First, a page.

The U.S. government has added to the sanctions against the Lord's Resistance Army and the African rebel group's leader, Joseph Kony.
The Treasury Department says the financial sanctions, announced Tuesday, are in response to the U.S.-designated terrorist group's targeting of civilians in the Central African Republic.
The department says that since December 2013, the group has killed, kidnapped, displaced, or committed sexual violence against hundreds of C.A.R. residents, as well as looting or destroying civilian property.
It says in an 18-month period starting in January 2014, the LRA was involved in nearly 330 abductions.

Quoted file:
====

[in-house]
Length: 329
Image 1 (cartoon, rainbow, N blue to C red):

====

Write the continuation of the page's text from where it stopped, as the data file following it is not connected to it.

It also accused the group of trading in illicit diamonds and illegal elephant ivory in order to generate revenue.
The Treasury Department first imposed sanctions against the LRA and Kony when the U.S. designated it as a terrorist group, in 2001 and 2008 respectively. The new sanctions freeze any LRA assets under U.S. jurisdiction and prevent U.S. nationals from engaging in transactions with the group.
The LRA battled the government of Uganda for 20 years before withdrawing into Central Africa in 2006. Since then, bands of LRA fighters have been active in the C.A.R., Democratic Republic of Congo and South Sudan.
According to the Treasury Department, last year Kony led two LRA groups into Kafia Kingi, a territory on the border of Sudan and South Sudan whose final status has yet to be determined.
The group survives by attacking and looting remote villages and taking captives who are turned into fighters, assistants or sex slaves.
Kony is wanted by the International Criminal Court for war crimes and crimes against humanity.